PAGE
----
From Seneca Rocks I went west on 33 towards Elkins and that is one great road. I stopped in one of the small town and snapped this picture:



I arrived in Elkins not particularly hungry but I ate lunch as I told myself I would. Elkins was a far busier town than I expected it to be!

As I studied my maps the night before I noticed something of interest that I hadn’t seen before: The National Radio Astronomy Observatory is in Arbovale, WVA! I don’t know shit about these things but I think they are infinitely cool and interesting! A couple of years ago my wife and I happened to be driving in New Mexico and I just had to stop at the VLA in the Cibola National Forest in NM. (https://en.wikipedia.org/wiki/Karl_G._Jansky_Very_Large_Array ) So I made plans to stop by and maybe get a shirt there since Ducati Winchester let me down. So:

From 219 south out of Elkins I took 250 east. 250 is a great road, but more on that later. I had to go south on 28 about 8 miles to get to the NRAO. The only way to get close to the radio telescope is to take an actual tour and I didn’t want to take the time to do that. They did have an observation deck where you can see the telescope:



That shit is just awesome! I looked around some of their exhibits and I did get my shirt.

I traveled 28 back to 250 and made a decision while in the intersection that I was going to continue north on 28 and go back to Seneca Rocks (though I had already been there, but via a different road). Holy shit am I glad I did!! That is one fantastic road! Coming into Seneca Rocks from the south showed me something I completely missed when I came into town earlier in the day from the north: the actual Rocks of Seneca!!



It is a little hard to tell from the picture, but that out cropping is actually a very narrow sliver of rocks. I took a break there and had an ice cream cone! 

I knew I was going to spend the night in Staunton, VA but looking at the map there are so many great looking roads in this area. I decided to ride 28 in the opposite direction I had just come from and it was just as much fun going that way as it was north. I hit 250 and headed east toward Staunton. 250 in WVA is an absolute gem and not to be missed if you are in the area. Somewhere around here I took this picture:



And then just before the VA state line (I could see the sign from where I stood) I snapped this one:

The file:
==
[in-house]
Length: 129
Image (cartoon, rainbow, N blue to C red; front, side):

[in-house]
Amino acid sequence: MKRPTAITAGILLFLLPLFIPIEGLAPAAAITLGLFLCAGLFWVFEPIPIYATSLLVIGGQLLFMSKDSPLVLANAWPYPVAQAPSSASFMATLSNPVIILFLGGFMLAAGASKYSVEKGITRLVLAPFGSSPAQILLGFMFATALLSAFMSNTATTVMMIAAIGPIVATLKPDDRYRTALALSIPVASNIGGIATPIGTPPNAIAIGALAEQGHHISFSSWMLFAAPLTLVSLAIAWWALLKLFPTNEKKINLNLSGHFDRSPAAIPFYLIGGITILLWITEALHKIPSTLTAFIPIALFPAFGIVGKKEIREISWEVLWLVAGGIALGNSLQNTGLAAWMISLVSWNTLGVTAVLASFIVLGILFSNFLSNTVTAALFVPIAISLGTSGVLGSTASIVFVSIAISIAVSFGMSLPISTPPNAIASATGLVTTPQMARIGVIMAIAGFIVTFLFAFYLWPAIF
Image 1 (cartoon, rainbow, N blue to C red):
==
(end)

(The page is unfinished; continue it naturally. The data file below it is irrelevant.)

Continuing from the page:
As amazing as 250 is in WVA it is equally shitty in VA!!! I am not exaggerating here; immediately upon crossing into VA there is work being done on the road. They are patching it in sections and there is loose gravel everywhere. I don’t understand road construction stuff anymore than I understand radio telescopes, but I know WVA did a shit-ton better job on their part of 250 then VA did. The scenery is still jaw dropping and the road incredibly curvy and fun looking but the gravel takes all of the fun out and replaces that hole with apprehension, and the occasional bout of terror. I dialed down the speed significantly and continued on until I came to this:



This comes nowhere close to revealing how beautiful it was. Again, you’ll note the haze.

The road in the background of the picture above is the same one I was travelling on and those building you can barely make out in the distance appear to be abandoned. I stopped my bike in front of one of the buildings when I got down there and snapped this:



Bike vanity is a great thing!!

At times the construction would clear up but as soon as I thought I was done with it for good I was foiled by yet more construction. I pulled into Staunton without a place to stay and decided on the historic Stonewall Jackson Hotel and what a cool place that was! It was a far cry from the previous nights Evans Motel, that is for sure! A few beers at the hotel bar and a quick walk around the corner for dinner and I was done for another day. Staunton itself seems like a really cool place, somewhere I believe I would enjoy spending the weekend with my wife. But alas, I had more riding to do the next day, no time to hang around town!

Mark
« Last Edit: June 19, 2015, 09:57:34 AM by Mhanis » Logged

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Pete Townshend

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« Reply #9 on: June 19, 2015, 10:52:30 AM »

It's great to hear you enjoyed riding in this part of the world.  WV offers riding nirvana. I look forward to the rest of the reports.......